Last year it was the cost of hay and straw and this year due to the wet summer, the cost of feed wheat has gone through the roof. (And the cost of hay and straw doesn’t really seem to have come down either). livestock keepers from back yard poultry keepers to large farmers will find that feed bills increase this winter. So how do you manage the costs? Here are some dos and don’ts.

Don’t stop feeding balanced compound feeds such as layer’s pellets or sheep nuts. These contain all the nutrients needed for whatever they are formulated. Modern hybrid hens simply cannot lay on grain and scraps (which incidentally are largely illegal to feed) alone. All you will get is a decrease in eggs and if you are trying to finish an animal for the freezer, a lack of growth. Do feed the correct amount and make sure it is all eaten up by the poultry or livestock. You should never have to discard waste feed – either you are feeding too much or your feeders are not keeping it clean and dry in winter weather. You are literally throwing away money.

Don’t necessarily go for the cheapest feed. Laying pellets can have different formulations and hybrids or ex batts will need a higher protein. Check out the label. Take advice from feed companies on the right feed for your stock.

Do give thought to safe storage of feed. Rats and mice should not be dining at your expense. It is easier to protect the feed with metal bins than to eradicate rodents if they can get free food. Plus there is a disease risk if rodents are contaminating your feed Don’t underestimate how much feed you need – be realistic. It’s better to be able to budget for the correct costs than be taken by surprise.

Do make sure you have enough feed in stock to get through bad weather when you perhaps cannot get to the feed merchants and plan ahead for the Christmas period – some business close for quite a long time over this time and deliveries can be affected.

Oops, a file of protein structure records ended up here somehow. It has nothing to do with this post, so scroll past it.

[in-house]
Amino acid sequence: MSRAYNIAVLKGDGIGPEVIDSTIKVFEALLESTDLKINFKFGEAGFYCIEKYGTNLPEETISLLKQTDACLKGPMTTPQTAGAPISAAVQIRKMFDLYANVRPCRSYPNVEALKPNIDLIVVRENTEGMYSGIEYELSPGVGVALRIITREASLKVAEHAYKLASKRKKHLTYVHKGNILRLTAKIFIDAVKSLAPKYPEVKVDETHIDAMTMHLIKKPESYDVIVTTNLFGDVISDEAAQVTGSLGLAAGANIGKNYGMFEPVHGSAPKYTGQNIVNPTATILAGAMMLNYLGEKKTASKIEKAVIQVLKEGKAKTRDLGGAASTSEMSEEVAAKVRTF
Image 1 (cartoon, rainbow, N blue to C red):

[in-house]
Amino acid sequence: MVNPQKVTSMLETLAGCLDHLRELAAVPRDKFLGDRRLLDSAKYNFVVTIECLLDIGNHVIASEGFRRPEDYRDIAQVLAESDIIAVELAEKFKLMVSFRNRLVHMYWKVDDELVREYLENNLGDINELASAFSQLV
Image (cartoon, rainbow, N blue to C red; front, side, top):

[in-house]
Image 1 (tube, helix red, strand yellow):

Don’t undervalue your produce when you sell it. If it is costing you more to produce eggs then put the price up. Most smallholders sell eggs way below the supermarket price anyway. Don’t just give eggs to visitors unless you are bartering. Just because you produce eggs and they don’t doesn’t mean that just turning up with an empty egg box means you have to fill it! Do feed plenty of forage – hay, haylage or barley straw and buy this ahead as well. Good quality forage or access to a well grassed paddock will help keep your livestock healthy.

Although of low feed value, winter grass does have some nutrients and is a natural feed for livestock – but you’ll still need to keep up the bagged feed and get a mineral lick.

Don’t feed worms – get worm counts down on all your livestock and have programme for worming poultry Do check the weight of your livestock by feeling them, measuring them in the case of equines and weighing them if finishing for meat. Feed chickens their normal laying diet through the stress of moulting.

Don’t think that rugging your equine means you can feed less – this is a common myth. Rugging is to keep ridden animals clean and dry, not to cut feed costs in equines that have perfectly good coats of their own such as native ponies. Older animals may benefit from a rug but it’s no substitute for feeding the right amount of a balanced ration.

Balancing your smallholder stock’s diet A simple and cost effective method of providing the necessary nutrients to maintain optimum health in your smallholder stock is through a well-formulated, free-access lick. Because licks are fed on a free access self-help basis the blocks are typically consumed on a “little and often” basis throughout the day. This trickle feeding system mimics the way all ruminants – such as cattle, sheep, goats and deer – naturally graze and provides them with a continuous delivery of essential nutrients over a 24-hour period.

In nature, ruminants would have free access to a wide variety of different vegetation by grazing large areas during the day. But domesticated livestock are kept in very different circumstances with limited access to grazing and a very restricted variety of plants within the grazing area. Feeding a lick has many advantages over other types of feeding systems and will reduce the time and labour involved in feeding your stock.

Sugar is vital for optimum forage digestion in ruminants as it provides a readily available energy source for the rumen microflora. In addition a continuous nutrient delivery increases dry matter intake and digestibility, which ensures optimum growth or milk production and overall, improved animal condition.

Feeding a lick, such as the Smallholder Block by Horslyx will provide all these necessary nutrients in a palatable form, as well as anti-oxidants to maintain a healthy immune system, and fatty acids to improve skin, coat and joint condition for all the traditional smallholder stock.